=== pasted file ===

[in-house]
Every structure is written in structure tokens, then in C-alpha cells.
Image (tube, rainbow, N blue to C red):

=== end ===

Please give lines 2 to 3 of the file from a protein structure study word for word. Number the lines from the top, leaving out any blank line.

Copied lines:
Every structure is written in structure tokens, then in C-alpha cells.
Image (tube, rainbow, N blue to C red):